If You're Going to Live in the Country eBook

This eBook from the Gutenberg Project consists of approximately 196 pages of information about If You're Going to Live in the Country.

With title clear and the survey completed, everything is ready for the title closing, as lawyers call the time when title to the property passes from seller to buyer.  The latter’s lawyer should have investigated and passed on all steps prior to this and adjusted any minor details with the seller’s lawyer.  The buyer and his lawyer and the seller and his lawyer should all be present at a title closing.  The paid tax bills for the current year are first presented and any minor adjustments made.  Then the buyer presents a certified check or actual cash for the amount he has agreed to pay.  He also has a small amount of money on hand to meet any adjustments such as taxes, insurance, and the like.  Lastly, the deed, which has been carefully reviewed by the buyer’s lawyer, is signed by the seller and, for better or worse, you have become a country property owner.





The prospective country dweller is now owner of a piece of property and his ideas are probably fairly definite as to how his home is going to look when his family is actually living there.  But seldom is it a simple matter of gathering the household goods into a moving van, having them set down in the new place, and then going out on the terrace to watch the sunset while deft workers within set things to rights.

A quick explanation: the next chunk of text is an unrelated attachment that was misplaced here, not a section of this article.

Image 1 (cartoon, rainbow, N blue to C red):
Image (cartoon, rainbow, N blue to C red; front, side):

There may be no house at all on his new holding, much less a terrace.  At the time of purchase, an old mill, barn or other combination of walls and roof may stand in place of his imaginary home.  Even a house in good condition usually needs a little renovation.  During the negotiations for purchase, his lawyer kept him from legal pitfalls.  Just as important now in bridging the gap between what he has and what he wants is an architect.

If he has been consulted before purchase, so much the better.  If not, it is high time to seek him out unless one happens to be a genius like Thomas Jefferson who could draft a Declaration of Independence with one hand and design a serpentine wall with the other.  Such a person has no need of this book anyway and will long since have cast it aside.  Most of us are just average citizens with some ideas which we want to put into concrete form but find difficult because we are either inarticulate or untrained.

That is what various specialists are for, and it is a wise man who realizes his own limitations.  A sugar broker may have ideas about a portrait but he won’t try to paint it himself.  He will commission a portrait painter, in whom he has confidence, to make a likeness of his wife or child as the case may be.  Even more necessary are the services of an architect when building or remodeling a house.  Trying to be your own architect is as foolish as drawing a sketch of little Jerry on canvas and then calling

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If You're Going to Live in the Country from Project Gutenberg. Public domain.
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